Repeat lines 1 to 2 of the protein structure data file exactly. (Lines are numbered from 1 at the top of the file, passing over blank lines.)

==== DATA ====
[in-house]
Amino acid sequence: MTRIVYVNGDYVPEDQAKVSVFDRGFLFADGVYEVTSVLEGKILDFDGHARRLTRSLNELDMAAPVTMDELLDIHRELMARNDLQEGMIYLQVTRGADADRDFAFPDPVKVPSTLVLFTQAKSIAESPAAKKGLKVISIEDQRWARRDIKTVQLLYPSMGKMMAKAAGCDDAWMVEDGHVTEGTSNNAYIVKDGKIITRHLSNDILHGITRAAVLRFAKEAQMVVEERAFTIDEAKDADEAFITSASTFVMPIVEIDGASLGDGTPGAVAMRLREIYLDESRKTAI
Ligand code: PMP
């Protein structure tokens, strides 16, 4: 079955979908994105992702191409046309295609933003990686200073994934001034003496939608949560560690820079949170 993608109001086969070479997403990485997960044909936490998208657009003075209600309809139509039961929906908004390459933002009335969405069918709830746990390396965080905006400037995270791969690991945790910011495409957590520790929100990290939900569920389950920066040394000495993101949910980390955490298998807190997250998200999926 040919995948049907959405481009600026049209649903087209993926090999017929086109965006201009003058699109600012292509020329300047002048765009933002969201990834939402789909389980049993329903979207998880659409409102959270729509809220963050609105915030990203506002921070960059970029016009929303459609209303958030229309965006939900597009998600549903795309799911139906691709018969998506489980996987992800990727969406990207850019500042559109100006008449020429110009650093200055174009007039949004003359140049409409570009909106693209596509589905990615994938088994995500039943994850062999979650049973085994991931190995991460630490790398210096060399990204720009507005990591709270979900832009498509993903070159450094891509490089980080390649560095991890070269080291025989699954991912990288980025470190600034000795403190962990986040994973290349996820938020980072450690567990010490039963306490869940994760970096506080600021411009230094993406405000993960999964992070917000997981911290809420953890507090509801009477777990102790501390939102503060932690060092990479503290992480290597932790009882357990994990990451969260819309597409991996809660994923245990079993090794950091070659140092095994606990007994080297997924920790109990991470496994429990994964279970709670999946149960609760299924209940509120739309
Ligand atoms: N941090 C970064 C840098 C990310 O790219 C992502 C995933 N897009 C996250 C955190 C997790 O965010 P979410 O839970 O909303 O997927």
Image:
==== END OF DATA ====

[in-house]
Amino acid sequence: MTRIVYVNGDYVPEDQAKVSVFDRGFLFADGVYEVTSVLEGKILDFDGHARRLTRSLNELDMAAPVTMDELLDIHRELMARNDLQEGMIYLQVTRGADADRDFAFPDPVKVPSTLVLFTQAKSIAESPAAKKGLKVISIEDQRWARRDIKTVQLLYPSMGKMMAKAAGCDDAWMVEDGHVTEGTSNNAYIVKDGKIITRHLSNDILHGITRAAVLRFAKEAQMVVEERAFTIDEAKDADEAFITSASTFVMPIVEIDGASLGDGTPGAVAMRLREIYLDESRKTAI